The Decimation of Academia

Post-secondary institutions in B.C. are no longer “government funded.”  They are “government supported.”  What does this really mean?  It means revenue generation is more important than education for our province’s leaders.  The economy is more important than democratic principles.  International students paying higher fees are encouraged to attend, while subsidies for those who have limited access, those who face obstacles and personal challenges, are no longer a priority.  The official rhetoric of job creation, eradication of fiscal inefficiencies and redundancies in the system (thus growing the economy, or so the argument goes) hides an underlying assumption.  Learning for its own sake, particularly a liberal education rich in arts and sciences courses, is being systematically dismantled as the budget wars escalate.  I ask you – what is at the root of democracy if not an assertion of ethical principles, an environment that encourages intellectual debate, an educational system that values alternatives, voices that question the status quo?

We are supposed to be working for the good of the students, to be learner-centred.  To me, by the way, this is a not-for-profit enterprise.  The government of B.C.’s elected representatives are not only turning their backs on academic education and the creative arts, they are shooting a hole through their hearts. Even sadder than that, however, and of greater consequence (since governments rise and topple after all), is how faculty across the province are being forced into buying into this model, trying to identify where to cut their operating budgets or which courses to eliminate; cutting off their noses to spite their faces.  It’s like choosing the most suitable way to die a noble death.  Shall we drink the poison and get it over with quickly?  Or do we sharpen our pencils and hone our arguments, ready to put up the fight of our lives?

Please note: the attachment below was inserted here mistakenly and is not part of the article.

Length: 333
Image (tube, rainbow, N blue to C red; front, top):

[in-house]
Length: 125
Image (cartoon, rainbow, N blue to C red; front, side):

That administrators bend to the government’s persuasion is unsurprising, being ultimately accountable to these new draconian policies (no union protection makes them very vulnerable). But if instructors – who hold those democratic principles dear and have spent their lives discussing them with students every single day, who have academic freedom to disagree – are willing to get on board the profit train by embracing the corporate new world order, then the future of this species is in big trouble indeed.  History demonstrates (though we probably won’t have history as a subject much longer) that intellectuals are the first to go, as one of the biggest threats to domineering and oppressive regimes.  “Those pesky critical thinkers, all they ever do is disagree with us and make our job more difficult.  Here they come again with their talk of fairness, their ranting against injustice, their defense of art and culture.  Isn’t there a way to argue that they are no longer necessary?  Let’s make them prove that their students get jobs.  Let’s make them account for their spending.  Let’s turn them into us.  That should shut them up.”

Guess what?  Even if you soon might not be able to learn about it in school, power is everywhere, it is insidious, and it takes a very special skill set to critique it, to remain vigilant against its abuses, and to push against its overwhelming force. While you can, it’s best that you learn this.